Handling additional work for fixed-price contracts

    Scrum wasn't designed for fixed price, fixed scope contracts, however, any new features or modifications (non-bug items) not in the original Sprint or Sprints are classed as additional work and are outside the scope of the contract. Any tasks which are bugs should be marked as additional items and be completed in the current sprint if possible. Most importantly, after the sprint plan has been sent, a PBI should NOT be entered as an item (additional or otherwise) in ANY sprints if they are not a bug. Instead, move all non-bug items to the Product Backlog for future review after the warranty period for the fixed price contract has passed.

    Handling additional work in a Scrum project

    Any new features or modifications (non-bug items) not in the original Product Backlog are classed as additional PBI's and placed on the Product Backlog. Any tasks which are bugs found during the current Sprint should be fixed within the current Sprint. Any tasks which are bugs found outside of the current Sprint should be added to the Product Backlog. See Do you know when to create bugs? and Do you know the 3 steps to a PBI?

    62034c tfs preview add bug
    Figure: Adding a bug to the Product Backlog in AzureDevOps

    Note: The above is our definition. Others have different definitions that we do not subscribe to: Painless Bug Tracking.

    You can also use the Wiki definition of "Software Bug" as a reference to understand this concept: Wikipedia Definition of Software Bug.

  4. Imagine this scenario... Mary notices a small typo on a page in her intranet. As a good employee, she opens up the backlog and reports the spelling error. As she sends it she says to herself "That took more time to report the error than it would have taken me to fix it".

    Small errors should be fixed by the person who found them stright away. Text changes can be easily done in SharePoint or WordPress. If you know who the culprit is, it might be a good idea to inform that person, including the things you have fixed.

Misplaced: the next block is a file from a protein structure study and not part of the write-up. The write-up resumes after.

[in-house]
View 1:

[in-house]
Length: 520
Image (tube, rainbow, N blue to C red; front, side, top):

5. If you need more than 20 minutes of work to perform a task, then it's not free, and you need to get approval for it.

    Follow this template to reply:

    Figure: Good Example - Ask for billable hours approval if a support request demands more than 20 minutes

  6. Do you document "TODO" tasks?

    When you have an idea for content or notice some content is missing and cannot be written straight away, it is important to document it. It should be done by adding the words "TODO:" followed by what you want to be added there.

    GitHub

    For GitHub projects, creating an issue using "TODO" as prefix is the preferred way.

    VS Code Extension

    In VS Code, we recommend using the extension Todo Tree. You can find TODOs and highlight them in open files.

  7. A new version of your software is deployed. How do you tell users important information on older versions?

    You shouldn't need to check for updates to be notified of valuable information.

    Software is often deployed without any mechanism to insert a message into older versions.

    Messages might include notifications to update or simply helpful tips. Eg. Sometimes customers are not aware that their CRM installation is several years old.

    VisualStudioUpdateNotifications
    Figure: Visual Studio 2019 has helpful notifications to indicate which parts need updating

  8. Do you know the best way to do A/B testing?

    A/B Testing is the process of testing different versions of an application on different users to gather empirical evidence to learn which version is better.

    Using A/B Testing enables you to get features tested and when used effectively means that a bug will never be deployed to 100% of users. Generally, new features should be tested on 20% of users and rolled out to others once they are reliable.

    Video: What is A/B Testing? | Data Science in Minutes

    There are several ways this can be done...

    Feature flags are a modern way to toggle features for users. They are essentially a little bit of code that can be turned on and off at will. That means you can choose, when features are deployed and who gets them.

    Feature flags are often implemented by developers writing their own code. However, there are better solutions today:

    Azure Deployment Slots

    Azure Deployment Slots are another way of doing A/B testing, you essentially deploy 2 versions of your app and then direct traffic to different versions.

    Azure FrontDoor

    Azure FrontDoor is an offering that lets developers direct traffic to different versions of an app.